39%

47%

55%

62%

68%

74%

79%

75

.056

13%

23%

33%

43%

52%

61%

68%

75%

81%

86%

100

.048

14%

27%

41%

51%

60%

68%

75%

82%

87%

90%

150

.041

18%

32%

46%

58%

68%

77%

82%

87%

92%

94%

200

.037

17%

37%

50%

64%

73%

80%

86%

89%

93%

97%

250

.035

19%

37%

52%

67%

74%

83%

88%

92%

95%

98%

300

.032

22%

38%

57%

70%

80%

87%

92%

96%

97%

99%

350

.032

21%

42%

55%

68%

79%

86%

93%

97%

99%

99%

400

.031

24%

38%

56%

74%

82%

89%

90%

95%

98%

99%

450

.034

18%

30%

54%

63%

82%

86%

89%

96%

100%

100%

 

            And this chart extends the chart above sideways to 250 points (meaning a discrepancy of .250 or less between Winning Percentage and True Winning Percentage.)

 

Starts

110

120

130

140

150

200

250

1

6%

8%

9%

10%

12%

21%

28%

10

48%

52%

55%

59%

63%

77%

85%

20

64%

69%

72%

76%

79%

91%

95%

30

72%

76%

81%

84%

87%

96%

98%

40

77%

81%

85%

88%

91%

98%

99%

50

83%

86%

89%

91%

94%

99%

100%

75

89%

92%

94%

96%

97%

100%

100%

100

93%

95%

97%

97%

99%

100%

100%

150

96%

97%

99%

99%

100%

100%

100%

200

98%

99%

99%

99%

100%

100%

100%

250

99%

99%

99%

100%

100%

100%

100%

300

99%

99%

99%

100%

100%

100%

100%

350

99%

99%

99%

99%

100%

100%

100%

400

99%

99%

99%

99%

100%

100%

100%

450

100%

100%

100%

100%

100%

100%

100%

 

            By 50 starts, all pitchers have winning percentages within 250 points of their True Winning Percentage, but that is a very wide net.  That just means that if a pitcher has a Winning Percentage of .600 after 50 starts, that his True Winning Percentage had been somewhere between .350 and .850. 

            So how do we generalize about this, in the English Language?   It’s arbitrary, but let me suggest this.  If the average gap between Winning Percentage and True Winning Percentage was .000, then Won-Lost records could be said to be 100% reliable.  For each .001 of separation between them, we could say that that is a 1% drop in reliability. 

            If you agree to that definition, then won-lost records are completely uninformative (100% unreliable) through 17 starts.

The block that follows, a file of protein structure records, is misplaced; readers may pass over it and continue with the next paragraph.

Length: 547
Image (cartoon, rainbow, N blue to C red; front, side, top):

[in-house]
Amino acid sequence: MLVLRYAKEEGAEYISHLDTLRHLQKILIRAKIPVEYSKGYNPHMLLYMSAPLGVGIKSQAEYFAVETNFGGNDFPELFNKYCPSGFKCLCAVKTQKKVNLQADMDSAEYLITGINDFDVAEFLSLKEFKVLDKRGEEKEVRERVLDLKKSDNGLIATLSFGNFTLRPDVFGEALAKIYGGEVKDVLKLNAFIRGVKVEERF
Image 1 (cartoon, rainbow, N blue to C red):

Through 35 starts, which we could say is one season, won-lost records are 24% reliable, 76% distorted by events beyond the pitcher’s control. 

            Through 100 career starts, we could say that won-lost records are 52% reliable, 48% distorted.   The point at which the 50% mark is crossed is 93 starts. 

            Through 200 career starts, won-lost records could be said to be 63% reliable. 

            Through 300 career starts, which we could say is a full career, won-lost records could be said to be 68% reliable. 

            Although the reliability would continue to increase above 300 starts, the data samples are too small to draw any conclusions.  It is apparent, however, that for won-lost records to become 90% reliable as a reflection of how well the pitcher has pitched would take much, much, much longer than any pitcher’s career.  80%, you can argue

            In the fourth article of this series, posted tomorrow, we’ll talk about individual pitchers—the pitchers with the highest True Winning Percentages, the pitchers whose record-book winning percentages are most inflated, the pitchers who were better or worse than their won-lost record shows, etc. 

 

 
 

COMMENTS (4 Comments, most recent shown first)

raincheck
shthr wrote:

“Who was that one pitcher back in 1600?

Cotton Mather?

Was he a Yankee? “

Funny. I read the same way, and had to reread it to get the actual meaning.
4:34 PM Sep 16th
 
shthar
Who was that one pitcher back in 1600?

Cotton Mather?

Was he a Yankee?


3:22 AM Sep 16th
 
shinsplint
Since the True Winning Percentage (TWP) includes no-decisions games, unlike Winning Percentage (WP), it's interesting that those games don't cause a larger discrepancy between TWP and WP. That suggests that a pitcher's Game Score for no-decision games must have a high correlation with an average Game Score for that pitcher.

In regards to what is a better predictor of the future, I think that it depends on the level of offense of his team. If it's an average offense, and the pitcher is getting bad run support, for example, the TWP is a better indicator of how well he will do in the future since his luck will likely even out.

But if the pitcher is on a team with bad offense, for example, he's likely to continue to have a lower WP than TWP for his entire career. Same thing for a player with good offense. He'll likely have a higher WP than TWP for his career. So in these cases his current WP is probably a better predictor of his future WP.

The convergence of WP and TWP as starts accumulate must be mostly the effect of the evening out of luck for pitchers who pitch for teams that don't have roughly average offenses.
3:21 PM Sep 15th
 
mpiafsky
May we know those terrible 3 starts?
I assume the data doesn't go back that far but Allan Travers in the bizarre Cobb suspension game of 1912 probably has a 0, right?
1:02 PM Sep 15th